Leisure Facilities

China to have a theme-park boom, with Disney, Nanchang Wanda facing competition

Mickey Mouse makes an appearance at Shanghai Disney Resort on June 15, 2016 in Shanghai, China.
Tang Yanjun | VCG | Getty Images

China's next big boom sector? Theme parks, according to a new report from Euromonitor International.

Theme park retail sales in China are estimated to hit $12 billion by 2020, an increase of 367 percent compared to 2010 sales volumes, the World Travel Market Global Trend Report, released on Tuesday, found. More than 330 million people will visit a theme park in the world's second-largest economy by the same date, the report said.

Growth in the popularity of leisure attractions in China comes as disposable incomes in the country grow, resulting in an increasing proportion of middle-class consumers. A study from the Economist Intelligence Unit (EIU) found that three-quarters of China's population would be deemed middle class by 2030.

This is set to help the China overtake the U.S. as the world's biggest theme park ticket-seller by 2020. China is currently behind the U.S. and Japan on the same metric.

A view of Chimelong Ocean Kingdom in China's Guangdong province.
Feature China | Barcroft Media | Getty Images

A report published this year by the Themed Entertainment Association and AECOM showed that Tokyo Disneyland, Universal Studios Japan and Tokyo Disney Sea were the most visited theme parks in Asia in 2015. In mainland China, attendance figures were highest at Chimelong Ocean Kingdom and Hangzhou Songcheng Park, saw 36 percent and 25.5 percent on-year growth in visitor numbers respectively.

Competition will continue to be fierce in the theme park space, with both local and international operators fighting for market share.

Shanghai Disneyland opened amidst much fanfare in June 2016, but was beaten to the punch by Chinese conglomerate Dalian Wanda, which opened Nanchang Wanda City, billed as a "cultural tourism" destination with its own theme park, the month before.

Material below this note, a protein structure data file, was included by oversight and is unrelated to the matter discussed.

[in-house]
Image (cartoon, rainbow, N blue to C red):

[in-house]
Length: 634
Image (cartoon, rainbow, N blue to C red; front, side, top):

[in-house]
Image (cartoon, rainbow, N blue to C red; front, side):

Amid the jostling that accompanied both big parks' openings this year, Wang Jianlin, chairman of Dalian Wanda, said he believed "Disney really shouldn't have come to China."

"At Wanda I always say we want to ensure Disney is not profitable for 10 to 20 years in this business segment in China," China's richest man told state television station CCTV in May.

$3 billion theme park opens in China

Shanghai Disneyland and Nanchang Wanda will soon have plenty of new rivals; 59 theme parks are currently in the pipeline in China, Euromonitor said.

Among these are new developments is the Chongqing Riverside-Six Flags Theme Town, the first international theme park to open in western China. Among local operators, Dalian Wanda Group has said it intended to develop a total of 15 theme park and entertainment complexes by 2020.

But the prospect of even hotter competition did not appear to faze Disney, the world's most storied theme-park company.

"Shanghai Disney Resort is unique to the market and delivers an experience no one else in mainland China can offer," Murray King, a spokesman at Disney, told CNBC on Tuesday.

While it remains too early to tell which of the high-profile new theme parks has made a bigger impression on the Chinese market, Dalian Wanda appears to have run up against more widely publicized operational problems, include a controversy over the use of Disney characters within Dalian Wanda parks and the closure of the Wuhan Wanda Movie Park for refurbishments after just 19 months of operation.

"Wanda has been very vocal about Disney being unable to break [into] the Chinese market but it seems that Wanda is having issues themselves," Wouter Geerts, a travel analyst at Euromonitor, told CNBC in an email.

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